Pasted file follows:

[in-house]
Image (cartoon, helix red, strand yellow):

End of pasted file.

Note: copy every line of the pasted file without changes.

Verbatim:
[in-house]
Image (cartoon, helix red, strand yellow):